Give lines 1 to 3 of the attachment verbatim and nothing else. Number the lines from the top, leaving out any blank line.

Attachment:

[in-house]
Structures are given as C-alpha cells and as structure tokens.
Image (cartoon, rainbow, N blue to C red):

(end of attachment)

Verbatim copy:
[in-house]
Structures are given as C-alpha cells and as structure tokens.
Image (cartoon, rainbow, N blue to C red):